The Bells revealed recently that turbines planned as part of a wind farm could extend over a war grave near Crowle.
A scheme by REG Windpower could see turbines placed near the site of a Lancaster Bomber plane crash in September 1945.
Maurice Parkin, 79, of Crowle, recalls the event of the crash that occurred when he was a young lad.
He said: “My parents, Minnie and George Parkin, were grocers in the market place and they ran a small cafe that was used as a drop-in centre by soldiers and airmen - they held their drill in the market place sometimes and my mother would make up to 350 mugs of tea in a day. They called her Ma Parkin. They also had seven bunk beds that were used as a military sick bay.”
He recalled: “The night before the plane crashed, one of the lads killed (I believe they were Australian) held his twenty-first birthday party at the cafe.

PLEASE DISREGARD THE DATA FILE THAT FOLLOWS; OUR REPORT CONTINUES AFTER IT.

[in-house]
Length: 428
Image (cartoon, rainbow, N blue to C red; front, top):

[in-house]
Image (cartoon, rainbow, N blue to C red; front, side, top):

“I wasn’t allowed near the scene off Marsh Road. The Lancaster, that was thought to be returning to base, had sunk in to the ground. Seven died. Two airmen were never found. For some years afterwards a woman would come with flowers to the site of the crash each September. The owner of the land told me he thought she came from Australia and was the mother of one of the crew who perished. I saw her as I was working on the farm at that time and spoke to her once. I wish I’d asked her who she was.
“It’s guesswork as to where the site is exactly, but it is a burial ground.”